Sometimes, I write poems that I don't understand. I'm pretty sure this is one of them. It is also odd...really odd...and really not my typical poem. But this is what I wrote today, and it was freaking hard to write and took me forever to feel like I had it "right" enough to be shared. I'm also sure this is going to be edited and changed in the near future...but here is its current incarnation.
Current working title is "Retail Therapy"
As I walk out of the department store dressing room,
the poreless, skinless mannequins mock me with their necks.
Their toothpick thighs and kneeless legs spring into cellulite-free life and kick,
adding injury to insult as their handless arms block my path:
this, I think, is my zombie apocalypse.
I leap away, too late,
as the mannequin modeling a polka-dotted bathing suit holds me still
and the paste-toned head-and-torso shirt model
rips open my chest
pulls out my feminist heart,
raises it to her toneless lips
and devours it before I can breathe.
In a second, it is gone,
the juicy crunch and slurp turn my stomach sour
as I watch my intellect drip,
from her perfect chin.
They stare with pupil-less, judging eyes,
watch me attempt to wash away the mess with overflowing shame
and return to their posts atop the poppy red, nectarine, and grayed jade displays
of playful summer prints.
The perky sales clerk walks by unfazed
acknowledges the bloody puddle of feminism, intellect, and humiliation,
stands a yellow cone in front of the mess,
calls Rhonda on the loudspeaker for a "clean up in women's"
pretends not to smell the shame seeping from my pores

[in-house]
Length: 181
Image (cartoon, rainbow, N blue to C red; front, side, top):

and has the audacity to ask me, smiling, if there is something she can help me find.
I consider ordering, as if from a menu,
the self-esteem platter with an extra side of self worth,
a confidence biscuit, a self-love salad,
and whatever is the antidote for shame.
When the meal comes, I'll spread out shirts like picnic blankets,
dim the lights, light some candles,
sit between the racks of skinny jeans and bikinis
and invite the mannequins to join me,
ready to dine with the skeletons from my closet.
They arrive, angry, and hungry for answers,
silent, staring, waiting:
they want my flesh.
Want me to remember the memories they wear branded on their skin
want me to release them from my histories
wrap my arms around them
bow our heads in prayer
and find an absolution.
They want meetings with folding chairs in basements;
want tokens to earn for 1 day, 5 days, 30 days clean;
want me to introduce myself as someone with a first name only
who can't manage to love
the only body she's known.
We sit in silence, as stories soak into the humid summer air.
I fold up the shirts, turn on the lights,
the mannequins return to their posts and I leave,
holding nothing in my hands.